Keynesian economics: the basics

If you are are looking for a simple, jargon-free explanation of Keynesian economics and the debate on what government should do about the recession, you've come to the right place. It will still be hard work if you haven't studied this stuff (it's not the easiest concept in the world), but you certainly don't need an economics degree or advanced training to understand any of it.

The central Keynesian insight is this: when you decide to hoard some extra cash rather than spend it, income in the rest of the economy goes down by the exact same amount, which then has a knock-on effect on your income. A recession ensues: a period when we work and produce less than we would like, and as a result get paid less too.

To illustrate the point while keeping things simple, let's say there are just two people in the world - me and you. This is an unrealistically small economy, but as we will see, the basic lesson applies to economies of any size.

In this make believe world, I make £100 a week by selling bread to you at £1 a loaf, and you make £100 a week by selling chocolate to me at £1 a bar.  The total income in this economy (its Gross Domestic Product or GDP) is £200, which corresponds to 100 loaves of bread and 100 bars of chocolate.

Now, let's say that one fine day you decide to save £20 out of your £100 and keep it in cash. As a result, my income falls to £80, and the total income in the economy is now £180 - with the economy producing 20 chocolate bars fewer than before. In the following week, I only have £80 to spend, which means that your income also falls to £80, and you end up buying fewer of my loaves. 

In the end, both our incomes are lower, and we produce and consume less than our potential. Our economy is in recession.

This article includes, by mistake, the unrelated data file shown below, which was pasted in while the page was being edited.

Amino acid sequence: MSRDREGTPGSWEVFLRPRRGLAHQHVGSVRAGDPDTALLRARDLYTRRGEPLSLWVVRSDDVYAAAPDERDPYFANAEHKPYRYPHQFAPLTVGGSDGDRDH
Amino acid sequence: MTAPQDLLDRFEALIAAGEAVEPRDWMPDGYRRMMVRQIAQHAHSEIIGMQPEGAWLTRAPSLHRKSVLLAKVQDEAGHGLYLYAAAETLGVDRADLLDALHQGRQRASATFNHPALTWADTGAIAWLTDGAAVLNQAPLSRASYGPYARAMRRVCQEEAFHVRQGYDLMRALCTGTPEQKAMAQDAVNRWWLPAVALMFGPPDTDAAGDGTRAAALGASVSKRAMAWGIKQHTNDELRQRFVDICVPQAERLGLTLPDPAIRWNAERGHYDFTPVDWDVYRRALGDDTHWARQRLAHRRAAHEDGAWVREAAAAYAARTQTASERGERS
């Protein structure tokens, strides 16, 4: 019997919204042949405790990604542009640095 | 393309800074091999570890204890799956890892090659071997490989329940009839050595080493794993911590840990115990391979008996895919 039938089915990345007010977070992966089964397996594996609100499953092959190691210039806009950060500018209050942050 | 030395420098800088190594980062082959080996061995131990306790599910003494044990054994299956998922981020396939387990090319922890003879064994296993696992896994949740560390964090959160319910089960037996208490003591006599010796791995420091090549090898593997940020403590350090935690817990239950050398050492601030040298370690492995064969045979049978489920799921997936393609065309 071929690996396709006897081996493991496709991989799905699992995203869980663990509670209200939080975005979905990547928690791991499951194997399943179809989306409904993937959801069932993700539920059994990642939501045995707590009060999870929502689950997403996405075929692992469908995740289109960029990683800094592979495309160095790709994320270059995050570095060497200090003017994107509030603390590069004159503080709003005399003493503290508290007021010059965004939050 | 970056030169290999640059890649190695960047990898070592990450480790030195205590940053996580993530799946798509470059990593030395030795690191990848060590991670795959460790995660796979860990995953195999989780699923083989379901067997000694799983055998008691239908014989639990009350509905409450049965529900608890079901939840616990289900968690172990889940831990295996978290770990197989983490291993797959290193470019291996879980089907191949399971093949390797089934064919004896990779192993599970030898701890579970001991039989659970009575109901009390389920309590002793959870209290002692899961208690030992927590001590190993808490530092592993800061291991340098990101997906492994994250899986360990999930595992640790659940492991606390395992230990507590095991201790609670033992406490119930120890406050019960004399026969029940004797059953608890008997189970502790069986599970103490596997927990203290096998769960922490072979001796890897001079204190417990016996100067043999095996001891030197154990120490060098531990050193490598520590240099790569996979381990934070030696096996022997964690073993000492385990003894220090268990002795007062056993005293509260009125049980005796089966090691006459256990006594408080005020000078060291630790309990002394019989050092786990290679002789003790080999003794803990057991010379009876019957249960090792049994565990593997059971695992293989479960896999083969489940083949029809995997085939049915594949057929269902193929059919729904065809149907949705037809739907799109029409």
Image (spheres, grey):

How does this carry forward to the real, larger, economy? Just think of me and you as blocks of people: essentially, when too many individuals decide to increase their cash holdings simultaneously - perhaps because they turn pessimistic about the future - a recession ensues.  As Paul Krugman puts it beautifully (in mild economese):

The key to Keynes’s contribution was his realization that liquidity preference — the desire of individuals to hold liquid monetary assets — can lead to situations in which effective demand isn’t enough to employ all the economy’s resources.

So, this is how a recession starts; the question is, how can we climb back out of it?

Our first option is to do nothing. If you paid close attention to the story above, you will have noticed that despite the slump in demand (you now only demand 80 loaves of bread rather than 100), I kept my price fixed at £1 per loaf. But I would really like to sell more bread to you because I can then have more income. Eventually I will start lowering my prices so that I can go back to selling all 100 loaves I can produce.

By exactly the same logic, you will do the same and we will be back where we started - producing at our full potential of 100 loaves of bread and 100 bars of chocolate. Recession kaput.

And here's where the difference between neoclassical and Keynesian economics lies.

The former school of thought assumes that the adjustment process is instantaneous: if you decide to hold £20 extra in cash, neoclassical economics assumes that we both immediately lower our prices to £0.80 so that nothing real changes: the economy keeps producing (and consuming) 100 loaves and 100 bars of chocolate, and there's never any recession.

(This is not strictly true. Neoclassical economics doesn't say GDP can never fall - to stick with our example, you might fall sick and not be able to work, or decide to work less because you want to spend time with the kids, leading to less chocolate, bread and incomes all round. What you can't have with neoclassical economics, however, is a demand-driven recession: a fall in economic activity simply because too many people decide to increase their cash holdings and consume less at a point in time)